IPA’s weekly links

Guest post by Jeff Mosenkis of Innovations for Poverty Action.


  • Bloomberg Businessweek’s How to Hack an Election profiles Andrés Sepúlveda, who has been manipulating elections in Latin America for a decade.
  • IPA is funding research into financial services for the poor (deadline April 29).
  • The great Development Impact Blog turns five today, and contributors look back over some of their favorite posts.
  • A friend posed a good question: Why aren’t the horrible sexual abuses by UN peacekeeping troops of children they were sent to protect sparking the same public outrage as the Catholic Church abuses?
  • Markus Goldstein and David Evans have a helpful post on turning your research into a 15-minute presentation (hints: skip the lit review, decide on model or results, and no tables).
  • From AER, big impacts for sons when mothers got a cash transfer as part of the first US welfare program (1911-1935). They:

    …lived one year longer than those of rejected mothers. They also obtained one-third more years of schooling, were less likely to be underweight, and had higher income in adulthood than children of rejected mothers.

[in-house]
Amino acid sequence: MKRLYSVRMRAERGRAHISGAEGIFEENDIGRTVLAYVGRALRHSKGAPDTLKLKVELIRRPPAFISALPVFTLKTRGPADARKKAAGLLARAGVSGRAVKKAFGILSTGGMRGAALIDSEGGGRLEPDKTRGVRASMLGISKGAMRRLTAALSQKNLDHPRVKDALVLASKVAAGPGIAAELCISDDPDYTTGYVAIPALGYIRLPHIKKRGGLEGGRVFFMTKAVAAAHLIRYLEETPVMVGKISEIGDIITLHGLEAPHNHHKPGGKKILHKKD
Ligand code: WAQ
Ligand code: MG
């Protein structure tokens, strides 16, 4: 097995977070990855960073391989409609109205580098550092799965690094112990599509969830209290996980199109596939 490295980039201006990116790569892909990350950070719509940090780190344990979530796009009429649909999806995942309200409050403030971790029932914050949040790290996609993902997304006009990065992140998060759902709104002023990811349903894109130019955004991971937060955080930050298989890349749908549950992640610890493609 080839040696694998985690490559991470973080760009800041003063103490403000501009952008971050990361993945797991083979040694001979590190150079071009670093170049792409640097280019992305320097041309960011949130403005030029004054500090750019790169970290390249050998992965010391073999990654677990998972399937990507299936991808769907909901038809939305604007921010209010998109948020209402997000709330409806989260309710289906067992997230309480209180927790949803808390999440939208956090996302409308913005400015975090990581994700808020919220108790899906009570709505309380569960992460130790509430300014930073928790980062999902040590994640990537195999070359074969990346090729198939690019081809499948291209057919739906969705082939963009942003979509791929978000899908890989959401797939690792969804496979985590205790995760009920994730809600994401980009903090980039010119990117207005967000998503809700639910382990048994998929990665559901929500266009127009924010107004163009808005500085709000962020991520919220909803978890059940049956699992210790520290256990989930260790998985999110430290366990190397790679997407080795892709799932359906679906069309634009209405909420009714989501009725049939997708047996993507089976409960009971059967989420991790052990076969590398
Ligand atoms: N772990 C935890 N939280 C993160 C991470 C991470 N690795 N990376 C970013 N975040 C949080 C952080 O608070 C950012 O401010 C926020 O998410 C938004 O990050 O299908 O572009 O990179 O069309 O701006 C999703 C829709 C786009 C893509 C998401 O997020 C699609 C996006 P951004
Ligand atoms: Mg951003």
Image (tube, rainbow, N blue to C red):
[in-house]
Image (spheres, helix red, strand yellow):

• Previous research has suggested a U.S. Southern “Culture of Honor,” among Southern white men, where disputes can more often result in violence (including the famous insult experiment). A new political science study looks at whether the President’s background matters for conflicts:

    Interstate conflicts under Southern presidents are shown to be twice as likely to involve uses of force, last on average twice as long, and are three times more likely to end in victory for the United States than disputes under non-Southern presidents.

And, some poor State Department worker was forced to delete a series of tweets warning Americans about dangers traveling for spring break after upsetting a number of people. Because if there’s one truth about international affairs we can’t handle, it’s that we might not be hot:


(h/t Lindsey Shaughnessy & David Batcheck)